came into the market for agricultural purposes as they were synthesized from pyrethrin derivatives. Their desirable features provide a quick knockdown
of insects at low rates, relatively low mammalian toxicity, and improved stability in outdoor
environments, which has increased their marketability in agriculture. They are effective against a wide range of
insect and mite pests and may be mixed with other pesticides for a broad spectrum of pest
control. Pyrethroids may be mixed with piperonyl butoxide,
a synergist, which enhances the effect of the active ingredient. Their mode of action is interference with
transmission of nerve impulses. Although nicotine-based insecticides have
been phased out for reasons including high mammalian toxicity and limited insecticidal
activity, the new-generation of nicotinoids or neonicotinoids, which are synthetic pesticides
modelled on natural nicotine, have a large market, in particular the systemic insecticide
imidacloprid, which is used against a range of insect pests. Neonicotinoids selectively target the nicotinic
acetylcholine receptors in the insect central nervous system and cause paralysis and death,
often within a few hours. These pose a lower threat to mammals and the
environment, and can be applied at water-soluble applications or seed coatings as a systemic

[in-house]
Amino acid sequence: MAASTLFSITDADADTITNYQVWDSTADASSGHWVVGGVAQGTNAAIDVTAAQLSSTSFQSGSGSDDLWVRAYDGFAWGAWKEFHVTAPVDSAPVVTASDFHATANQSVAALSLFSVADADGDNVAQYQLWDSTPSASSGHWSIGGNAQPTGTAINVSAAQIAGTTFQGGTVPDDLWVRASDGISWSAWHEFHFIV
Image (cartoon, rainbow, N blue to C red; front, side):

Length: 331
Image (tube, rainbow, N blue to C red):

pesticide. They control soil insects that feed on roots,
above- and below-ground phloem-feeding bugs, and leaf and stem-feeding beetles. Neonicotinoids are toxic to bees so bee precautions
must be taken when applying, such as minimizing drift, applying pesticides when plants are
not in bloom, and avoiding applications when bees are around. The phenylpyrazole insecticide fipronil is
a contact and stomach poison that acts as a potent inhibitor of gamma-aminobutyric acid
(GABA) regulated chloride channels in neurons of insects, but is less potent in vertebrates. However, this poison and its degradates are
moderately persistent and one photo-degradate (a breakdown product produced by exposure
to light) appears to have an acute toxicity to mammals that is about 10 times that of
fipronil itself. Although human and environmental health concerns
are associated with its use, it is very effective in controlling many soil and foliar insects,
for treating seed, and as a bait formulation to kill ants, vespid wasps, termites and cockroaches. Fipronil in baits is taken back to the nests